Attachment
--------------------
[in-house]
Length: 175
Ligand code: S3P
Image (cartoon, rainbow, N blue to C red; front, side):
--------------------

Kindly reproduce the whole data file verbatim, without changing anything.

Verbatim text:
[in-house]
Length: 175
Ligand code: S3P
Image (cartoon, rainbow, N blue to C red; front, side):